Information about Becoming a Real Estate Appraiser in Massachusetts
What is an appraiser?
An appraiser develops and reports an opinion of value on a specific type of property. Real Property Appraisal: the valuation of real estate. Real Property Appraisers can choose specialty practices such as residential, commercial, or agricultural.
What skills are required to become an appraiser?
All appraisers must have good analytical skills and work well with numbers. In addition, appraisers spend much time interacting with clients and writing reports, so good oral and written communications skills are a must.
Do I need college education to become a Real Property Appraiser?
Yes, there are college-level education requirements for the Certified Residential and Certified General classifications. These requirements can be found in Application for Certified and Licensed Appraisers (Candidates' Handbook) located on the Commonwealth of Massachusetts’ website at www.mass.gov/dpl/boards/ra.
The AQB announced that as of January 1, 2015, a bachelor's degree will be required for both Certified categories.
How do I become an appraiser in Massachusetts?
The first step to becoming a real estate appraiser in Massachusetts is to obtain a Trainee license from the Commonwealth of Massachusetts. The only requirement for obtaining a Trainee license is the successful completion of 75 hours of appraisal specific education. (All MBREA education courses are approved in Massachusetts, Connecticut, Maine, New Hampshire, Rhode Island, and Vermont)
This consists of three classes:
Basic Appraisal Principles (30 hours) - MBREA suggests you take this course first.
Basic Appraisal Procedures (30 hours)
National Uniform Standards of Professional Appraisal Practice (15 hours), also called the 15 hr USPAP Course.
Click here for MBREA's Class Schedule
Students must attend all the sessions of each class and pass a written exam to receive credit. To proceed beyond the Trainee level, a person needs to have an associate's degree (starting January 2015 the requirement becomes a bachelor's degree) or higher (for Certified Residential) or a bachelor's degree or higher (for Certified General). The AQB recently announced that as of January 1, 2015, a bachelor's degree will be required for both Certified categories. Note: classes you may have taken in college or to obtain a real estate salesperson or broker license generally do not count towards this requirement. The only exception would be when these classes have been approved by the state licensing board, the Massachusetts Board of Registration of Real Estate Appraisers.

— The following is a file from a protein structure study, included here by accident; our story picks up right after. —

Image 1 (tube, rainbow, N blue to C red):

Once the required education is completed, the next step is to submit an application to the Massachusetts Board of Registration of Real Estate Appraisers. The application for Massachusetts Trainees and other valuable information is located on the Commonwealth of Massachusetts’ website at www.mass.gov/dpl/boards/ra.
After you obtain your Trainee License:
After you obtain your trainee license will work towards obtaining your Real Estate Appraisal License. There are three different license types: Licensed, Certified Residential and Certified General. You will have to complete specific appraisal education, specific experience hours and hold the college-level requirements for your desired license types. For more information: Massachusetts Application for Certified and Licensed Appraisers
How do I obtain trainee experience?
Trainee experience can be gained by aligning yourself with a certified appraiser as an apprentice or a trainee. Many appraisers work as a trainee while completing the required education. Once you obtain a Trainee license you should download and read the Massachusetts Application for Certified and Licensed Appraisers from the State’s Web site as it will guide you in how to properly document your experience.
We strongly recommend you utilize the following resources:
Information about obtaining a license in other New England states may be found on each state's web site by clicking the links below: (All MBREA education courses are approved in Massachusetts, Connecticut, Maine, New Hampshire, Rhode Island, and Vermont)